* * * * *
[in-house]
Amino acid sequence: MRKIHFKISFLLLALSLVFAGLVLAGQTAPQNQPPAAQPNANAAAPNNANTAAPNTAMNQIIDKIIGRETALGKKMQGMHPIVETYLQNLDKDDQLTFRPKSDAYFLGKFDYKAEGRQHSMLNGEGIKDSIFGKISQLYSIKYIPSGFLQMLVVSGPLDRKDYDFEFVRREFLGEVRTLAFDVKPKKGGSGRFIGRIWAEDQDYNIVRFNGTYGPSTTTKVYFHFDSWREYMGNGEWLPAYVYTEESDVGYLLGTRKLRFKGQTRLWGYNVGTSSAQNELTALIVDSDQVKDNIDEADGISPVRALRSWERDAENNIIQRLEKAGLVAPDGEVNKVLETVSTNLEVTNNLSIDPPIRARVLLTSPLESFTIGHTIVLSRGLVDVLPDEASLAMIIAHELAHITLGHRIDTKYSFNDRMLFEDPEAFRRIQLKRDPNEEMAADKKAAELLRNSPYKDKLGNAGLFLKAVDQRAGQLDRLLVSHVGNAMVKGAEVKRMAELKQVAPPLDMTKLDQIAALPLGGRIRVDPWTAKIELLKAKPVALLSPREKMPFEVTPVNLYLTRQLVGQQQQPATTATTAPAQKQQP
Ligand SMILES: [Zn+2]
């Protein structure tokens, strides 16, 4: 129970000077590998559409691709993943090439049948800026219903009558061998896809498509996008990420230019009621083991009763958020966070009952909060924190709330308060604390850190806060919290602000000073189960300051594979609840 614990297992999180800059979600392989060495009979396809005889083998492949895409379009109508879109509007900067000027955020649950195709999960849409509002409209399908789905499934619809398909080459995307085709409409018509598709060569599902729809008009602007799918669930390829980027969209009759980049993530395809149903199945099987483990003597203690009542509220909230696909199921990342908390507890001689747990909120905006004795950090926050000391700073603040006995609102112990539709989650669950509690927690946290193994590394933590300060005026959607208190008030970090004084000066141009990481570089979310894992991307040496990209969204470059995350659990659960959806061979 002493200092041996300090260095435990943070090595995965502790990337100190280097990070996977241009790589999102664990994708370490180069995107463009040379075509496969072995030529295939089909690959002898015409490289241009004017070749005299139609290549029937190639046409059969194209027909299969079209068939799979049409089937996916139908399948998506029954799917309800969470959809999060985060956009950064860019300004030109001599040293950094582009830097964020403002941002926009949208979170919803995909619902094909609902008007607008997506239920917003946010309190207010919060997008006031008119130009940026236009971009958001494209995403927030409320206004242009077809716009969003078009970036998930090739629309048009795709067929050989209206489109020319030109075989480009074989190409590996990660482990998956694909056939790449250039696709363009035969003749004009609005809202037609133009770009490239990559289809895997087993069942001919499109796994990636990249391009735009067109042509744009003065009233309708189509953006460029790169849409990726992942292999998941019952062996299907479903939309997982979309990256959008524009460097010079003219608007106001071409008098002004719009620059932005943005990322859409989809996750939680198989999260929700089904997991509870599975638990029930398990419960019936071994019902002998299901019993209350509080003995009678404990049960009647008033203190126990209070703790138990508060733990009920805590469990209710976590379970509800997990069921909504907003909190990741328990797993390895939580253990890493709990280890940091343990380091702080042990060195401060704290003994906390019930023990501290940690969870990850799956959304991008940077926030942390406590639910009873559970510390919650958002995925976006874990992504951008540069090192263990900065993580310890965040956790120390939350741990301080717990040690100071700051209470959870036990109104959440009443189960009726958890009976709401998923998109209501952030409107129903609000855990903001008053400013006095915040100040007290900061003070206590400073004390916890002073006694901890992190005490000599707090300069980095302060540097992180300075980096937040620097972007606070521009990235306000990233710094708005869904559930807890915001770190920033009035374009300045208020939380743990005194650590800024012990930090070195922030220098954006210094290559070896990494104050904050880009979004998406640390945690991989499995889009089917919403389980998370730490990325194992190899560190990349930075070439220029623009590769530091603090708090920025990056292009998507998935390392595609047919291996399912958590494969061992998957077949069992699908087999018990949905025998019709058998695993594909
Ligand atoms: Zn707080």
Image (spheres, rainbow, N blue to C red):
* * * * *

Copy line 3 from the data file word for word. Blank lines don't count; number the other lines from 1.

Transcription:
Ligand SMILES: [Zn+2]